The technical issues associated with the launch of HealthCare.gov not only hindered enrollment, according to McDonald, it also forced insurers to spend more than expected to try to help answer customers' questions about the exchange plans.
"Many have added hundreds of new customer service representatives (WellPoint said they've hired 1,000) and beefed up customer service hours. That will cost money that the plans weren't expecting to spend," McDonald wrote.
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WellPoint CEO Joseph Swedish expressed cautious optimism about the ACA after the Obama administration reported a year-end surge in enrollment.
"We expect a similar bump in March in front of the second primary enrollment deadline," he said during an investor presentation at the JPMorgan health-care conference earlier this month.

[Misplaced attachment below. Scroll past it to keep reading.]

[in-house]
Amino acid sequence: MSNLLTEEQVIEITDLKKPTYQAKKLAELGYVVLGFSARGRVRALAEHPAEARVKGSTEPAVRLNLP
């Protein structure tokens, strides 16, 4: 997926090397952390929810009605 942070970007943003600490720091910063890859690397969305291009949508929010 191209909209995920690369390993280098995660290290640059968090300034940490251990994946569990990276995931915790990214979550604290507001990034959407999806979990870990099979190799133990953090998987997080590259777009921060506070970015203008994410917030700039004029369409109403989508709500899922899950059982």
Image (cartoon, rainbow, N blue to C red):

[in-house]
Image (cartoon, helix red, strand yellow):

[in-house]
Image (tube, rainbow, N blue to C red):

WellPoint's Blue Cross plans have retained their dominance in the individual market in the two largest states reporting insurer enrollment data.
In California, Anthem Blue Cross garnered 31 percent of total exchange plan enrollment as of Dec. 31. In New York, Empire Blue Cross Blue Shield attracted 18 percent of total enrollment as of Dec. 24. It's not clear how many of those enrollees were previously uninsured.
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"I'm not reading too much into the initial enrollment data, because it's unclear what that really represents at this point," said Chris Rigg, health-care services analyst at Susquehanna Investment Group.
WellPoint is expected to post fourth-quarter earnings of 87 cents per share on revenue of $17.8 billion, according to FactSet analyst estimates. For 2014, analysts estimate the insurer will earn $8.35 per share on $73.41 billion in revenue.
"Their initial approach to earnings in 2014 will have a conservative bias," Rigg said.